Phylogeny, evolution, and biogeographic history of Calandrinia (Montiaceae)

Hancock, Lillian P., Obbens, Frank, Moore, Abigail J., Thiele, Kevin, de Vos, Jurriaan M., West, Judy, Holtum, Joseph A.M., and Edwards, Erika J. (2018) Phylogeny, evolution, and biogeographic history of Calandrinia (Montiaceae). American Journal of Botany, 105 (6). pp. 1021-1034.

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Abstract

PREMISE OF THE STUDY: Calandrinia are small, succulent herbs that vary broadly in habitat, morphology, life history, and photosynthetic metabolism.The lineage is placed within the Montiaceae, which in turn is sister to the rest of the Portulacineae (Caryophyllales). Calandrinia occupy two distinct biogeographic regions, one in the Americas (similar to 14 species), and one in Australia (similar to 74 species). Past analyses of the Montiaceae present conflicting hypotheses for the phylogenetic placement and monophyly of Calandrinia, and to date, there has been no molecular phylogenetic analysis of the Australian species.

METHODS: Using a targeted gene enrichment approach, we sequenced 297 loci from multiple gene families across the Montiaceae, including all named and 16 putative new species of Australian Calandrinia, and the enigmatic monotypic genus Rumicastrum.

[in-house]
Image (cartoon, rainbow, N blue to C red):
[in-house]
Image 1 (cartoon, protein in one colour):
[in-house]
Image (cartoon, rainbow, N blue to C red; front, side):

KEY RESULTS: All data sets and analyses reject the monophyly of Calandrinia, with Australian and New World Calandrinia each comprising distinct and well-supported clades, and Rumicastrum nested within Australian Calandrinia. We provide the first well-supported phylogeny for Australian Calandrinia, which includes all named species and several phrase-named taxa.

CONCLUSION: This study brings much needed clarity to relationships within Montiaceae and confirms that New World and Australian Calandrinia do not form a Glade. Australian Calandrinia is a longtime resident of the continent, having diverged from its sister lineage similar to 30 Ma, concurrent with separation of Australia from Antarctica. Most diversification occurred during the middle Miocene, with lowered speciation and/or higher extinction rates coincident with the establishment of severe aridity by the late Miocene.

Item ID: 54925
Item Type: Article (Research - C1)
ISSN: 1537-2197
Keywords: aridity, Australia, Australian Calandrinia, crassulacean acid metabolism (CAM), Montiaceae, Portulacineae, Rumicastrum, targeted bait enrichment
Copyright Information: © 2018 Botanical Society of America
Funders: National Science Foundation (NSF), Australian Research Council (ARC), Swiss National Science Foundation (SNSF)
Projects and Grants: NSF Grant Number: DEB‐1252901, ARC Grant Number: DP16010098, NSF IGERT - Grant Number: DGE‐11 0966060, NSF Doctorate Dissertation Improvement Grant Number: GR5260110, NSF EAPSI Australia award (1514963), SNSF Fellowship PBZHP3‐147199
Date Deposited: 08 Aug 2018 07:30
FoR Codes: 06 BIOLOGICAL SCIENCES > 0607 Plant Biology > 060701 Phycology (incl Marine Grasses) @ 100%
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